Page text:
Detection of signatures of selection in commercial chicken lines
Stainton, John Joseph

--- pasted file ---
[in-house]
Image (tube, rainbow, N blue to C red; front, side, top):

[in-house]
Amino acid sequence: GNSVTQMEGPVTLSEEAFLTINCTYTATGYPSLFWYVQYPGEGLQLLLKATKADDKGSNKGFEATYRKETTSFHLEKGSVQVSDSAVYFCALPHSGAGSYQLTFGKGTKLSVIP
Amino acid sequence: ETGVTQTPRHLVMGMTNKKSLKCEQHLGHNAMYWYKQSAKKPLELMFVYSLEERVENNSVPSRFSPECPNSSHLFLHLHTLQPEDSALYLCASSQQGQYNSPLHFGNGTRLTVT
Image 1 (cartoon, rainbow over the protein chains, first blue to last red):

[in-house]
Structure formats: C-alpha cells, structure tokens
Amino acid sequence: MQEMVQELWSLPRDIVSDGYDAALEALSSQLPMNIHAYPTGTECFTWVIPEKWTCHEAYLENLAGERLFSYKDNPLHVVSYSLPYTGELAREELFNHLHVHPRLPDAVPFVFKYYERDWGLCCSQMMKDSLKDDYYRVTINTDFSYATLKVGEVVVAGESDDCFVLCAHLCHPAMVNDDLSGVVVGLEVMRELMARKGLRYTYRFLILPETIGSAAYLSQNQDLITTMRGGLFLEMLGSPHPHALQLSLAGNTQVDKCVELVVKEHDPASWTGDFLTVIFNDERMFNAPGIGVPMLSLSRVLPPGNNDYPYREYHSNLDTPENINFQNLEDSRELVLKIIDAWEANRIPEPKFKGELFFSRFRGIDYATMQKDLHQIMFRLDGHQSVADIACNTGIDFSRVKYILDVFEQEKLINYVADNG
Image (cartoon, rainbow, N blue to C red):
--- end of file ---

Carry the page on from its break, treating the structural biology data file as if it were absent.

Within the last 100 years, commercial chickens have been split into two main groups. Broiler chickens are produced for meat production while layers are produced for egg production. This has caused large phenotypic changes and the genomic signatures of selection may be detectable using statistical techniques. Genomic regions identified by these techniques may include genes associated with production traits, and is therefore of interest to animal breeders. This thesis investigates signatures of selection in a number of commercial chicken lines using several statistical techniques based on population differentiation and levels of genetic diversity. First, signatures of selection were investigated using population differentiation in nine lines of broiler chickens. Weir and Cockerham's pairwise FST was calculated for genome-wide markers between the broiler lines and averaged into overlapping sliding windows to remove stochastic effects. A chromosome bound, circular permutation method was used to generate a null distribution and determine the significance of each window. A total of 51 putative selection signatures were found shared between lines and 87 putative selection signatures were found to be unique to one line. The majority of these regions contain peak positions for broiler QTL found in previous studies and eight regions were significantly enriched for broiler QTL. One region located on chromosome 27 contained 39 broiler QTL and 114 genes, several of which were functional candidates for association with broiler traits. Secondly, areas of low diversity were investigated in three different SNP datasets. All three datasets were taken from the same broiler line at different time points and consisted of different SNP densities, including 12k, 42k and 600k. A number of zero diversity regions were found in each dataset and several were shared between the datasets. The 600k dataset was also analysed using a regression test, which investigates the patterns of diversity as the distance from the selected site increases. This method searches for signatures of selections by fitting a regression to the diversity data to test the fit of the data to the theoretical model. A total of 15 regions were found displaying significant asymptotic regression and diversity values less than 0.005. One of these regions located on chromosome 1 was also found as a fixed region in the 12k and 42k datasets and contained the gene IGF1, which encodes an important protein for growth. Finally, signatures of selection were investigated between broiler and layer datasets by investigating population differentiation and diversity based analysis. Weir and Cockerham's pairwise FST was calculated between the two lines and outliers extracted. A total of 32 regions were found displaying high differentiation. Seven regions of low diversity in the layer dataset were also investigated. Several broiler and layer QTL had been previously identified in these regions. Two genes related to hedgehog proteins were identified within selected regions, which are known to be involved in embryogenesis. Finally seven regions were found to be highly differentiated between the broiler and layer lines, and the nine broiler lines in the first chapter. This may indicate selection which occurred during breed separation. Signatures of selection were identified in four broiler and layer datasets using several statistical techniques. A number of regions were identified in multiple datasets by a number of techniques and are therefore good candidate regions for selection. Other statistical techniques could be used in future studies to further confirm these regions and identify causative genes and variants.